The Effects of Donor Standing on Philanthropy: Insights from the Psychology of Gift-Giving
Reid K. Weisbord
Rutgers Law School - Newark
Chapman University Economic Science Institute
July 16, 2009
Gonzaga Law Review, Vol. 45, No. 2, January 2010
Societies have long struggled with contradictions between the ideals of philanthropy and the real motives of philanthropists. Cultural artifacts such as traditional Jewish legal codes and the legend of Saint Nicholas of Myra show that societies especially revere philanthropists who give anonymously, without expectation of repayment. But contrary to these ideals, donors often use philanthropy to obtain personal rewards, such as the wealthy patrons of ancient Greece whose opulent displays of benefactions were aimed at social status and political dominance. The gap between ideals and reality creates a dilemma: Societies wish to promote philanthropy but offering incentives taints the authenticity of the donor’s intent.
This dilemma is central to the recent policy debate about the enforceability of donor-imposed gift restrictions. The law has traditionally allowed donors to pursue their personal charitable goals by imposing restrictions on the use of charitable gifts, but until recently, donors lacked legal standing to enforce their restrictions in court.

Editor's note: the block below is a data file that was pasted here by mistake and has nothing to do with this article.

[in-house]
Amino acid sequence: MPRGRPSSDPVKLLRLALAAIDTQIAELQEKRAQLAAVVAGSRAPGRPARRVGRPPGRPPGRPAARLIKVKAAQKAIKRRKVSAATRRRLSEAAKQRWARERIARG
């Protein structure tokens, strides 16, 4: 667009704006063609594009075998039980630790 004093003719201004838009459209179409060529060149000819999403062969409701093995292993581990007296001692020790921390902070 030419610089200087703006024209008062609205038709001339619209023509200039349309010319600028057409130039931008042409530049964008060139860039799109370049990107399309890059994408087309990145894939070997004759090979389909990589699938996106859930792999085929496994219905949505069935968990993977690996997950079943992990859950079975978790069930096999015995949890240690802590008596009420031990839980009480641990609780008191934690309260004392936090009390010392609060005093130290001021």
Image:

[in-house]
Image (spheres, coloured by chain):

In this Article, we describe the detrimental effects of donor enforcement rights on the public’s shared interest in charitable assets. We then investigate the issue of donor standing by reviewing and comparing economic and psychological models of gift-giving behavior. On the basis of research from experimental psychology, we propose the novel hypothesis that, contrary to the intended effect, donor standing is unlikely to promote charitable giving and may cause a decrease in charitable contributions.
Number of Pages in PDF File: 65
Keywords: charitable, trust, nonprofit, donor, standing, experimental psychology
Date posted: July 16, 2009 ; Last revised: March 9, 2011